Actual Nominations: As with Cinematography the category was split into BW and color and featured a cross-section of epics and musicals, featuring many of the same films as were nominated for Cinematography. The official winner for BW was Night Of The Iguana but there really isn’t a lot to pick between this and the other nominees- Hush Hush, A House Is Not A Home, Kisses For My President, The Visit. Again the colour nominations are more interesting, with Harry Stradling picking up the win for My Fair Lady. Completing the nominations are Becket, Mary Poppins, Molly Brown, and What A Way To Go. Edith Head’s designs were nominated in both colour and BW, but she did not pick up a win this year.
My Winner: BW: Night Of The Iguana. Colour: Mary Poppins. Few films of the decade had such vibrancy in all areas as Mary Poppins, so it gets my vote over My Fair Lady.
My Nominations: My Fair Lady. Mary Poppins. Band Of Outsiders. A Fistful Of Dollars. The Fall Of The Roman Empire. Zulu.
I’ve added 4 films to the 2 carried over from the official nominations, and only 1 of the 6 is BW. Band Of Outsiders has that timeless cool French Chic thanks largely to Christiane Fageol’s work which is in stark contrast to my other picks. A Fistful Of Dollars is as you would expect, all dirty, beaten ponchos, but it was films like this which started the endearing look and people like Carlo Simi and Maria Casado who perfected it. My final picks are historical epics, a genre which relies heavily on Costume Design to convey authenticity and tone. It may seem easy to pick a popular outfit of the time and put actors in it, but it takes an unprecedented amount of time, detail, and dedication to get everything just right. Arthur Newman may not have had a large career in Wardrobe, but each feature he worked on has that memorable touch. In Zulu he oversees the costumes of our band of under siege soldiers but also the tribal garments of the marauding warriors. However, my win goes to the joint venture between Veniero Colasanti and John Moore (who also provided the Set Design) whose experience of working together on other hits such as El Cid pays off for the lost epic The Fall Of The Roman Empire. Their designs range from outfits for soldiers of all levels to pure tunics for senators to luxurious dresses for Sophia Loren.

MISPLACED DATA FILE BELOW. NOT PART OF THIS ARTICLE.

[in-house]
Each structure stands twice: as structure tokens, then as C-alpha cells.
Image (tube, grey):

My Winner: The Fall Of The Roman Empire.
Let us know your picks for the best Costume Design of 1964!
This year the nominess were split into Colour and BW again. It was another Edith Head heavy year, but no win this time.
Official Nominations: Colour: Cleopatra. How The West Was Won. A New Kind Of Love. The Leopard. The Cardinal.
BW: 8 and a half. The Stripper. Toys In The Attic. Wives And Lovers. Love With The Proper Stranger.
My Winner: Cleopatra. 8 And A Half.
Unsurprising picks of winners from me, with Cleopatra setting new standards for lavish design in every department, from sets to costumes. The team of Irene Sharaff, Vittorio Nino Novarese, and Renie pick up both my win, and the Official Colour win. In the same vein, Piero Gherardi wins the Official award and my award, outdoing two Edith Head projects for his work on 8 1/2.
My Nominations: Cleopatra. From Russia With Love. Jason And The Argonauts. The Pink Panther. The Great Escape. How The West Was Won